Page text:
What are phrasal verbs?

What are phrasal verbs?

We use phrasal verbs a lot, but many people don't know what they are. Do you?

They are two-word or three-word phrases that consist of a verb and one or two words from the preposition list. 

The words work together to perform the job of one verb, and they create a meaning different from the meaning that the words have by themselves.

Their name might remind some of you of verb phrases, but they aren't the same thing. 

Examples of Phrasal Verbs

He dressed up for the concert.

Stand by your friends.

We were tired, and we turned in early.

work out in the morning.

I often look up words in the dictionary.

I hope he shows up on time.

We ran into my neighbor at the park.

Alice likes to horse around.

Let's take a closer look at three of those example sentences. We'll also look at how to diagram them!

If you're new to diagramming sentences, don't fret. Diagrams give us a way to SHOW the structure of sentences. If you want to learn more about diagramming, this page will help.

Sentence Diagram Phrasal Verb

Example #1

He dressed up for the concert.

Dress up contains two words that are performing the job of one verb. Dress is a verb, and up is a word from the preposition list. Dress up has a different meaning than the words have individually. Dress up means to wear nice clothing.

Sentence diagram with a phrasal verb

Since phrasal verbs are functioning as one verb, you diagram them just like you would diagram any other verb. That means you don't have to do anything fancy.

Example #2

I work out in the morning.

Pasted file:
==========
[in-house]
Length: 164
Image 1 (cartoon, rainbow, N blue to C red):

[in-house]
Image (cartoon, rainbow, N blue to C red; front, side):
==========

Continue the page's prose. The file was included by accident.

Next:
Work out contains two words that are performing the job of one verb. Work is a verb, and out is a word from the preposition list. Work out means to exercise.

Sentence Diagram with the Phrasal Verb "Work Out"

Example #3

We were tired, and we turned in early.

Turned in contains two words that are performing the job of one verb. Turned is a verb, and in is a word from the preposition list. Turned in means to go to sleep.

Sentence Diagram with the Phrasal Verb "Turn In"

Not Prepositions

As you know, phrasal verbs are formed from a verb and a word from the preposition list. Why do I keep writing "a word from the preposition list" instead of just writing "a preposition"? 

Well, if you’ve been with me for a while, you know that prepositions are one of the parts of speech, and you also know that they are always in prepositional phrases.

When words that we often think of as prepositions (such as out, into, up, and off) are being used in phrasal verbs, they are NOT being used as prepositions. Why? Because they’re not preforming the job of a preposition. They’re part of the verb. 

They even have a special name when they’re being used like this. They’re called particles. 

particle definition

So if we want to sound fancy, we can say that phrasal verbs are made of a verb and a particle.

Don't Get Tricked

These word combinations don't always create phrasal verbs. These only occur when the words combine to create an entirely new meaning. 

Let's study this phenomenon with the words work out. We saw above that the words work out can create a phrasal verb.

work out in the morning.

But, that is not always the case. Look at the next sentence.

I work out of my office.

What do you think? 

In this sentence, work out is not a phrasal verb. Work is a verb, and out is working together with of to form a preposition. 

You can see from the diagrams that one sentence contains a phrasal verb and one does not.


Sentence diagram with the phrasal verb "work out"

I work out in the morning.


Sentence diagram showing "work out" being used NOT as a phrasal verb

I work out of my office.

If you'd like to teach or learn grammar the easy way—with sentence diagrams—check out our Get Smart Grammar Program.

It starts from the very beginning and teaches you grammar and sentence diagramming in easy, bite-size lessons. 

The Get Smart Grammar Program
Elizabeth O'Brien

Hello! I'm Elizabeth O'Brien, and my goal is to get you jazzed about grammar. 

Thank you!!! Thank you!!! Thank you!!! I'm 47 years old and have begun to understand grammar for the first time! I have a college degree and feel more comfortable, helping my 4 girls with school than ever before! 

- Christine, Parent

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